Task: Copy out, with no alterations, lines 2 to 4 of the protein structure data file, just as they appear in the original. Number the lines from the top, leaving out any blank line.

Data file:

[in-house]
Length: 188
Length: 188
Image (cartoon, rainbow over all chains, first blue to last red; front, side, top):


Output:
Length: 188
Length: 188
Image (cartoon, rainbow over all chains, first blue to last red; front, side, top):